BlitZ release their Christmas single ‘I Believe In Xmas (Do You Believe In Rock And Roll)’ in aid of Cancer Research UK on Friday 4th December 2020.
Sometimes there’s a million reasons not to do something, other people not getting it, what
will the cool brigade say, “NOT ANOTHER XMAS SONG”. So when BlitZ decided to record a Xmas
song in aid of Cancer Research UK, they thought let’s show the world that the Rock Community is full of cool people who want to make a difference, they knew it was the right thing to do.
This is more than a Xmas song it’s a rallying call to try and help and send out a lifeline to people fighting Cancer and our awesome NHS. “Never give up, never give in.”
Every song has a story and this song’s story is about never giving up and never giving in. First diagnosed in 2012 with non-Hodgkinson’s low-grade follicular lymphoma, which is a treatable but not curable blood cancer and also cancer in the bones and bone marrow, Gail Corden (wife of Stuart Corden lead vocalist and bass player of the rock band BlitZ) began her first chemotherapy treatment in April 2015. After being carefully monitored for three years, Gail was in remission for nearly five years. The cancer returned in June of this year and a further course of chemotherapy was commenced in July and is currently on-going.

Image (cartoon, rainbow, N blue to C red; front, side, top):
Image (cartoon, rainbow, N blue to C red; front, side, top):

BlitZ decided to return to the studio and record a Christmas song, a rallying call to raise money for Cancer Research UK and throw some positivity out into the universe at these dark times. This song is in no way a compromise or sell out. This song stays true to the BlitZ vibe and the true spirit of rock and roll.
Rebecca Elphick, Local Fundraising Manager for Cancer Research UK said: “Cancer Research UK’s vision is to bring forward the day when all cancers are cured. Thanks to our supporters, like BlitZ, our pioneering work into the prevention, diagnosis and treatment of cancer has helped save millions of lives. In the 1970s, less than a quarter of people with cancer survived. But over the last 40 years, survival has doubled – today half will survive. Our ambition is to accelerate progress and see three-quarters of people surviving the disease by 2034. However, COVID 19 threatens to severely impact our cancer research and making our ambition of improving cancer survival to 3 in 4 by 2034 more difficult. Unfortunately, COVID 19 has hit our fundraising hard and we’re predicting a drop in income of £160million this year. As the pandemic continues, our need for support has never been greater. Vital research has been paused and we have already been forced to make £44million of cuts to research spend this year, and we’ll need to reduce the amount of research we fund annually. However, we will adapt and continue to fund the best scientists in the UK. Your support and donations will help us achieve this.”